OKLAHOMA CITY (KFOR) – There is new scrutiny and legal battles involving Oklahoma’s largest online charter school.
Epic is facing a state investigation after the vice-chair of the governing board resigned, and blew the whistle on what she calls “alarming” behavior behind-the-scenes at the school.
In a three-page resignation letter, vice-chair Kathren Stehno claims, “Several women, both former and current employees approached her with complaints of intimidation and harassment by board chairman [Paul] Campbell.”
Paul Campbell took over at Epic in May… and previously opened a charter school in Seminole.
Stehno stated the women are too afraid to come forward due to fears of retaliation by superintendent Bart Banfield, who they claim was “well aware” of the allegations.
KFOR reached out to chairman Campbell and has yet to receive a response.
Another allegation made by Stehno claims, “extremely large and unapproved bonuses that exceeded employee contracts without board approval,” were made to board members.
Stehno claims, “the entire internal auditing team was terminated on November 12,” after the data was reported to administrators who she says did not want it shared with the board.
The State Department of Education sent Epic notice stating it would be investigating all of Stehno’s allegations and wants the superintendent’s cooperation.
State Superintendent Joy Hofmeister also released this statement in response to the allegations:
“For a school district that has faced years of federal and state criminal investigations, a 19-month state audit that resulted in a demand to repay more than $11 million, OSDE identifying 16 areas of non-compliance and recommending probation for the district, and a separate $10 million withholding by our department because of improper administrative costs to now have additional allegations of fraud, improper board governance and a hostile work environment is unacceptable and must not be tolerated. We are on the side of students and taxpayers, and that’s why OSDE immediately began its investigation into these very serious allegations.”State Supt. Joy Hofmeister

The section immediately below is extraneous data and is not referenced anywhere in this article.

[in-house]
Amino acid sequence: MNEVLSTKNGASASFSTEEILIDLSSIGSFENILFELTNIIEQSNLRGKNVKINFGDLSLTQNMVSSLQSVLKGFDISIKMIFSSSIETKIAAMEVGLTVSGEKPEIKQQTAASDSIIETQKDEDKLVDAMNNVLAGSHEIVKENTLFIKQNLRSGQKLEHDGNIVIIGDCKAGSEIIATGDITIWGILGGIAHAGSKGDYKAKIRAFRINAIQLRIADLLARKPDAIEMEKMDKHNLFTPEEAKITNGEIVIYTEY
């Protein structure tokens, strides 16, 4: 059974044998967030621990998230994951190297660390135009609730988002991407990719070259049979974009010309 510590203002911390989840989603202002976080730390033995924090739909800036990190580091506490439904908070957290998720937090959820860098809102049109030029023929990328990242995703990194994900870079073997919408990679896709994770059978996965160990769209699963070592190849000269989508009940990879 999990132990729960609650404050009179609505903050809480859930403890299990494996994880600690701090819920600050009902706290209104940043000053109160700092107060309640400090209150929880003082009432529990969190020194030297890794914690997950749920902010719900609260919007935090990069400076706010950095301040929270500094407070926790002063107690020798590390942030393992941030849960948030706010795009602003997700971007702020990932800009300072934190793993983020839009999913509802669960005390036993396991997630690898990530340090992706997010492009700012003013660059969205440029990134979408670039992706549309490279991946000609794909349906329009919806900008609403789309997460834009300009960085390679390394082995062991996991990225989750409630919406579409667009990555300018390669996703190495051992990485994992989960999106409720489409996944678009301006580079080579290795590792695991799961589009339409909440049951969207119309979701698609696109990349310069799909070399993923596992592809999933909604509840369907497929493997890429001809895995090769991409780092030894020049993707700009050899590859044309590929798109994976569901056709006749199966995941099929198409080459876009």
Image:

Stehno also released a statement to KFOR:
“It was with great difficulty that I made the decision to resign from Community Strategies Inc. DBA Epic Charter Schools Board. My desire for joining the Board was to serve the families and staff of Epic by providing support at a time where the existence of the schools was in question. As a long time, educator who had served in many capacities in PK-12 schools and later at OEQA, I felt I could contribute my knowledge and experiences to ensuring the families, students, and staff of Epic, that together, we would forge ahead in meeting the challenges set before us. The battle was won, and the school was able to continue. Unfortunately, it came to my attention that a new set of concerns from the staff (and former staff) that there were activities occurring, which demanded investigation. My letter addressed those concerns. I want Epic families to know that they are still in a great school because they have a voice in this school model. The school will continue but issues must be addressed in order to be what our families, students and staff need for success.”Kathren Stehno
Epic is also facing a new lawsuit from the school’s two original founders– Ben Harris and David Chaney–who they’ve parted ways with.
In the new lawsuit filed this week, the founders of Epic are now claiming they’re owed 7-million dollars for their work with Epic before they parted ways.
They left after a scathing audit by state auditor Cindy Byrd.
The State Department of Education plans to have its investigation wrapped up within 30 days.